I would look at the hackers delight book for this sort of thing. I dont have my copy with me, but independent of that if you look at your divisor 192, that is 0xC0, so you can divide the top and bottom by 0x40, shift 8000>>6 = 125. 8000/192 -> 125/3, but then you have to do that divide by 3. We know the answer will be somewhere between 125/2 and 125/4. With these specific numbers 125 is 0x7d or b1111101 which is 3 times b100000 + 11101 which is (3 times 0x20) + (3 times 8) + 5 so 125/3 = 0x20 + 0x8 + (5/3) and 5/3 is quickly determined as more than 1 but less than 2 so 0x28+1 = 41. Only continues to reduce with shifts if the divisor bit pattern keeps showing up on the upper bits of the numerator bit pattern. I dont know what the hackers delight or other similar sources say about the matter, I just happened to notice this pattern for these specific numbers.

If you sum a pack of shift downs you divide by a non power of 2.

How you get the powers you need is to get the msb and divide it by the number, and then this will output the number with the bits on where you add them together to get the divide you need.

The problem is, it requires a divide to get the number, so your stuck only dividing by constants.

There is a way to compute the number without divide, but in hardware it doesnt look much different or better than the divide with the condition in it, on the surface, but im not sure if its better of worse.

But if u want to do a variable divide, get the msb and multiply it by the number your dividing by. (So it requires a multiply at the start, but u have those variably.)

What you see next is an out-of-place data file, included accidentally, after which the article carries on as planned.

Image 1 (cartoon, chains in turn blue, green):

then shift it down by 2.

Then check if its above or below the msb, and that is if the msb is on or off as a component in the divide sum.

shift it down by 2 again.

And ur either above the last test, or below the last test by this number, depending on if you were on or off as a component on the last significance.

Keep going like that, then you can do the sum of shifts divide variably.

So its->

``` CIELING=MSB*DIVIDING NUMBER // do this via sum of shifts. CHECK1=CIELING/2 if(above CHECK1) { component0=on. } else {component0=off.} CHECK2=CIELING/4 if(component0 on) { CHECK2=CHECK1+CHECK2} else { CHECK2=CHECK1-CHECK2} if(above CHECK2) { component1=on. } else {component1=off.} CHECK3=CIELING/8 if(component1 on) { CHECK3=CHECK2+CHECK3} else { CHECK3=CHECK2-CHECK3} if(above CHECK3) { component2=on. } else {component2=off.} //then once have all components, do the final sum of shifts. ```

```ANSWER=(INPUT>>component0)+(INPUT>>component1)+(INPUT>>component2); ```